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Breast Cancer In Transgender Patients: A Call To Action
Harsh Patel1, Daniel Delgadillo, MD1, Randy Sherman, MD1, Esther Kim, MD2, Dhivya Srinivasa, MD1.
1Cedars-Sinai Medical Center, Los Angeles, CA, USA, 2UCSF, San Francisco, CA, USA.

Breast Cancer in Transgender Patients: A Call to Action
Harsh Patel, Dan Delgadillo MD, Randy Sherman MD, Esther Kim MD, Dhivya Srinivasa MD
Purpose:
Both hormonal and surgical modifications are necessary to complete transitioning to the target gender for transgender patients. These alterations create complex anatomy. Accordingly, the literature is in agreement that the hormonal milieu and barriers to access to care puts these patients at nontraditional risks of developing hormone-sensitive cancers. Additionally, lack of consensus on management and screening for gender specific tumors becomes glaringly dangerous in the context of altered anatomy. Herein we present both WPATH provider survey results on transgender cancer screening as well as a metanalysis of breast cancer incidence in transmen and transwomen.
Methods:
For the meta-analysis, 3 large volume reviews with distinct study populations of level 3 evidence were analyzed using STATA (StataCorp). This meta-analysis captured 11,736 patients with. Additionally, all case reports were included for incidence and prevalence analysis. For the provider survey, WPATH providers were contacted with an online thirteen question survey regarding their practice type, screening practices, and recommendations.
Results:
Table 1 summarizes our demographic, hormone effects, and cancer incidence data. Most notably, transmales carry 7.5x risk of developing breast cancer compared to cismales. For transfemales, hormone therapy had temporal effects on cancer incidence. With respect to provider practices, we had 46 respondents. Nearly all providers (98%) agree that standardized screening protocols are necessary for breast and prostate cancer in transgender patients. Of those who perform masculinizing chest surgery, all explained that some breast tissue is retained, but 10% of respondents do not provide information on self-exams or future screening.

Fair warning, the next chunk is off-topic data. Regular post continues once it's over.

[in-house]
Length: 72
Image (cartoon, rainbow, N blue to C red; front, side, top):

Conclusions:
Our results underscore two issues: the transgender patient population has unique demands with respect to cancer screening due to anatomic variations and hormone therapy. Our provider survey demonstrates that providers need a consensus regarding screening guidelines for transgender patients. Our meta-analysis results further demand attention as population specific data shows increased risk in the transmale population compared to cismales. Provider guidelines for long-term management of these patients is of
paramount importance. Central databases to improve catchment should also be established to best delineate incidence and prevalence as well as the role of hormone therapy on tumor biology.
Table 1:

AuthorsYearM-t-FAge at Cancer DxTotal Positive CasesIncidenceMedian Duration of Hormone TxF-t-MAge at Cancer DxTotal Positive CasesIncidenceMedian Duration of Hormone TxCombined Incidence (per 100000)
Blok120192260511546.71812293940.31543
Gooren22013230751.524.121.47952715.920.14.5
Brown32014356661.520.41-157956.970.95-20
Averages271154.76.317.0719.7120140.942.417.622.5

1 de Blok CJ, Wiepjes CM, Nota NM, van Engelen K, Adank MA, Dreijerink KM, Barbé E, Konings IR, den Heijer M. Breast cancer risk in transgender people receiving hormone treatment: nationwide cohort study in the Netherlands. BMJ 2019. BMJ. 2019;365:l1652.
2 Gooren, L.J., van Trotsenburg, M.A., Giltay, E.J., & van Diest, P.J. (2013). Breast cancer development in transsexual subjects receiving cross-sex hormone treatment. Journal of Sexual Medicine, 10, 3129–3134. 
3 Brown GR, Jones KT. Incidence of breast cancer in a cohort of 5,135 transgender veterans. Breast Cancer Res Treat. 2015;149(1):191–19.


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